- November 3, 2014
- Posted by: Barak Merimovich
- Category: Uncategorized
We have discussed OpenStack networking extensively in previous posts. In this post, I’d like to dive into a more advanced OpenStack networking scenario.
Many cloud images are not configured to automatically bring up all network cards that are available. They will usually only have a single network card configured. To correctly set up a host in the cloud with multiple network cards, log on to the machine and bring up the additional interfaces.
On an Ubuntu Image, this usually looks like this:
Networks in the cloud
A complex network architecture is a mainstay of modern IaaS clouds. Understanding how to configure your cloud-based networks, and hosts, is critical to getting your application working in the cloud. This is especially true with Cloudify, the open source cloud orchestration platform I work on.
Network orchestration for any cloud with Cloudify. Get Started. Go
The cloud, like the world, used to be flat
It was not that long a time ago that most IaaS providers only supported flat networks – all of your hosts were in one large network. Separation between services running in the cloud was enforced in software or with firewalls/security-groups. But technically, all of the hosts were connected to the same network and visible to each other.
The flat network model is simple, and therefore easy to reason and understand. It was a good choice for the early days of the IaaS cloud and no doubt helped with getting applications into the cloud in the first place. It was one of the things that made EC2 so easy to use for anyone just starting out with the ‘cloud’. This model is in fact still available on Amazon Web Services under the title ‘EC2-Classic’. And for many applications, a flat network is good enough.
But as cloud adoption increases, more complex applications are moving into the clouds, and issues like network separation, security, SLA and broadcast domains make more complex networks models a must. Software Defined Networks (SDN) fill that gap. They are now a staple of most major IaaS clouds. AWS has AWS-VPC, OpenStack has the Neutron project and there are many other implementations.
Working with SDN requires knowing a bit more about how information moves around between your cloud resources. In this post I am going to discuss how to set up a host in the cloud so it will play nice with complex networks. I’ll be using OpenStack, but the concepts are similar for other cloud infrastructures.
I am going to start with an empty tenant, only the public network is available.
First, lets set up out networks and router:
Note the network IDs:
We’ll start with a standard Ubuntu cloud image:
Create the keypair and security group:
Let’s spin up an instance connected to both our networks:
And set up floating IPs for the first network:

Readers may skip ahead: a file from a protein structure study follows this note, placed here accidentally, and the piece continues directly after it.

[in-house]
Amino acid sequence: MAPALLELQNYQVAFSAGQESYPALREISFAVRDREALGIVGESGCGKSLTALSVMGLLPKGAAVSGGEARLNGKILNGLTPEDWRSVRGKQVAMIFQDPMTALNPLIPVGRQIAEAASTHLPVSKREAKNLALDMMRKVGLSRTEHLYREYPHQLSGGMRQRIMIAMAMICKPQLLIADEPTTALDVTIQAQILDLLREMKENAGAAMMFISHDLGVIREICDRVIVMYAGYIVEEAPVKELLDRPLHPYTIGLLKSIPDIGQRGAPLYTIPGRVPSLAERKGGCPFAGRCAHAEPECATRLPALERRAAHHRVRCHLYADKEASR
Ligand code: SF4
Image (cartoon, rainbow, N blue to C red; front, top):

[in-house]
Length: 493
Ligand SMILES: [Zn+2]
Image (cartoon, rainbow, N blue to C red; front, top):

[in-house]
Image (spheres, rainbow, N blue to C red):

Note how we matched the VM’s IP to its port, and associated the floating IP to the port. I wish there was an easier way to do this from the CLI…
If everything worked correctly, you should have the following setup:
Let’s make sure ssh works correctly:
ssh -i demo-keypair.pem firstname.lastname@example.org hostname
Cool, ssh works. Now, we should have two network cards, right?
Huh?! The VM only has one working network interface! Where is my second NIC? Was there a configuration problem with the OpenStack network setup? The answer is here:
The second NIC exists, but is not running.
The issue is not with the OpenStack network configuration – it’s with the image. The image itself should be configured to work correctly with multiple NICs. All we have to do is bring up the NIC. So we ssh into the instance:
ssh -i demo-keypair.pem email@example.com
And run the following commands:
The second NIC should now be running:
And there you go – your VM can access both networks.
This issue can make life complicated when setting up a complex, or even a not very complex, application. When will this issue hurt you? Well, imagine a scenario where you have a web server and a database server. The web server is connected to both Network1 and Network2, and the database server is only connected to Network2. Network1 is connected to the external world over a router, and Network 2 is completely internal, adding another layer of security to the critical database server. So what happens if the web server only has one network card? If only the NIC for Network1 is up, the web server can’t access the database. If only the NIC for Network2 is up, the web server can’t be reached from the external world. Even worse, if this web server is accessed via a floating IP, this IP will also not work, so you won’t be able to access the web server and fix the issue. Tricky.
The above commands will bring up your additional network card. You will of-course need to repeat this process for each additional network card, and for each VM. You can use a start-up script (a.k.a. user-data script) or system service to run these commands, but there are better ways. I’ll discuss how to automate the network setup in a follow-up post.
This was originally posted at Barak’s blog Head in the Clouds, find it here.